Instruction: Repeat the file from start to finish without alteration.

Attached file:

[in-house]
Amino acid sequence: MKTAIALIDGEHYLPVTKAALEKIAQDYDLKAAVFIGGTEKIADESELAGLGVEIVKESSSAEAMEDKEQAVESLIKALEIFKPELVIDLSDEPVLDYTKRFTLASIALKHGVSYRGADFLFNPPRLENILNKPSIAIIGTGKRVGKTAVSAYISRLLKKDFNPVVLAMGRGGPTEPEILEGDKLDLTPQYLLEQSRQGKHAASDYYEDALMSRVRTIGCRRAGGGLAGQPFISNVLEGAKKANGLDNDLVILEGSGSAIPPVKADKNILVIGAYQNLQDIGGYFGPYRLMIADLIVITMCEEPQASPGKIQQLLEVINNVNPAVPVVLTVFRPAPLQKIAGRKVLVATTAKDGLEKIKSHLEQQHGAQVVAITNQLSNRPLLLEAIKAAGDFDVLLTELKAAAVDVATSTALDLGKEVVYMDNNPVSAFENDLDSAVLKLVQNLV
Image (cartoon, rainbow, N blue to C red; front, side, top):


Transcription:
[in-house]
Amino acid sequence: MKTAIALIDGEHYLPVTKAALEKIAQDYDLKAAVFIGGTEKIADESELAGLGVEIVKESSSAEAMEDKEQAVESLIKALEIFKPELVIDLSDEPVLDYTKRFTLASIALKHGVSYRGADFLFNPPRLENILNKPSIAIIGTGKRVGKTAVSAYISRLLKKDFNPVVLAMGRGGPTEPEILEGDKLDLTPQYLLEQSRQGKHAASDYYEDALMSRVRTIGCRRAGGGLAGQPFISNVLEGAKKANGLDNDLVILEGSGSAIPPVKADKNILVIGAYQNLQDIGGYFGPYRLMIADLIVITMCEEPQASPGKIQQLLEVINNVNPAVPVVLTVFRPAPLQKIAGRKVLVATTAKDGLEKIKSHLEQQHGAQVVAITNQLSNRPLLLEAIKAAGDFDVLLTELKAAAVDVATSTALDLGKEVVYMDNNPVSAFENDLDSAVLKLVQNLV
Image (cartoon, rainbow, N blue to C red; front, side, top):